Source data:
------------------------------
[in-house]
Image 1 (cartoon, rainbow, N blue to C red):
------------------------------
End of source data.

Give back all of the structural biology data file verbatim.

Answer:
[in-house]
Image 1 (cartoon, rainbow, N blue to C red):